The textile industry is dirty and wasteful. Rebecca Burgess is stitching together a local clothing movement.
The textile industry is dirty and wasteful.
Rebecca Burgess is stitching together a local clothing movement.
When Rebecca Burgess was working in villages across Asia, she saw the impacts of the clothing industry firsthand: waste, pollution, widespread health problems. But in these same communities, from Indonesia to Thailand, Burgess also saw working models of local textile production systems that didn’t harm anyone. She was inspired to build a sustainable clothing system — complete with natural dye farms, renewable energy-powered mills, and compostable clothes — back home in the United States.
[pullquote]“It’s about building a community that cares about its working landscape, its water, its family structures, and the local economy.” [/pullquote]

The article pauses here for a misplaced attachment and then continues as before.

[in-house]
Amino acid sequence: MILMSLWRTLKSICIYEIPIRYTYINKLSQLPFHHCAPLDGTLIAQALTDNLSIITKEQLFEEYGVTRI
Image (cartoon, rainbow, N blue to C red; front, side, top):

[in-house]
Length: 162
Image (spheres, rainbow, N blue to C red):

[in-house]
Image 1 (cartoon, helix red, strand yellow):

The result is Fibershed, a movement to build networks of farmers, ranchers, designers, ecologists, sewers, dyers, and spinners in 54 communities around the world, mostly in North America. They are ex-coal miners growing hemp in Appalachia and workers in California’s first wool mill. In five years, Burgess plans to build complete soil-to-soil fiber systems in north-central California, south-central Colorado, and eastern Kentucky.
People have asked her, “This has already left to go overseas — you’re bringing it back? Are you sure?” She is. Mills provide solid, well-paying jobs for people “who can walk in off the street and be trained in six months,” Burgess says. “This is all about dressing human beings at the end of the day, in the most ethical way that we can, while providing jobs for our home communities and keeping farmers and ranchers on the land.”